A tax credit is a reduction in the overall tax that a taxpayer must remit to the government. Tax credits differ from deductions, although both have the end result of reducing the amount of taxes that a person must pay.
Deductions decrease a person’s adjusted gross income in order to arrive at that person’s taxable income. Because the deductions reduce the amount of income that is subject to taxation, they have the effect of lessening a person’s tax liability, albeit indirectly.
Tax credits, on the other hand, diminish the amount of actual taxes that the person owes. For example, suppose a taxpayer can claim a $500 tax credit. The tax owed by the taxpayer based on their taxable income is $2,000. The tax credit will reduce the actual tax liability, so the taxpayer will end up owing the government only $1,500.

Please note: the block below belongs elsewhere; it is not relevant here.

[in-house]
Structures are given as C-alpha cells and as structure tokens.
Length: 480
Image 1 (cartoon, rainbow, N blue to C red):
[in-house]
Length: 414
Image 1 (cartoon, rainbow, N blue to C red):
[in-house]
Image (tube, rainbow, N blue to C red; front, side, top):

There are two varieties of tax credit: refundable and non-refundable. If a tax credit is refundable, it means that the government will pay the taxpayer if the credit exceeds the amount of taxes owed. In other words, if a taxpayer can claim a tax credit of $750 but only has a tax liability of $500, the taxpayer can expect a check from the government for $250 since that is the amount of the credit that exceeds the taxpayer’s tax liability.
Non-refundable tax credits, as the name suggests, can eliminate a taxpayer’s liability entirely, but the taxpayer will not receive money back from the government if the credit exceeds the amount of taxes owed.
There are many different tax credits available to taxpayers. See IRS Tax Topic 600 for more information.